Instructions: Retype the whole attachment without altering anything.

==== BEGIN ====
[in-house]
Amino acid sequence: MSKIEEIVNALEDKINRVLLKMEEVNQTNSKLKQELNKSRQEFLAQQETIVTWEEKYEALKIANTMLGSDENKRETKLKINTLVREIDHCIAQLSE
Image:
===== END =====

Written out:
[in-house]
Amino acid sequence: MSKIEEIVNALEDKINRVLLKMEEVNQTNSKLKQELNKSRQEFLAQQETIVTWEEKYEALKIANTMLGSDENKRETKLKINTLVREIDHCIAQLSE
Image: